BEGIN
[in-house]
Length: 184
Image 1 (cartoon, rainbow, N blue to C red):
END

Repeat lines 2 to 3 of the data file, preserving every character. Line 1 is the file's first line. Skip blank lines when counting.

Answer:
Length: 184
Image 1 (cartoon, rainbow, N blue to C red):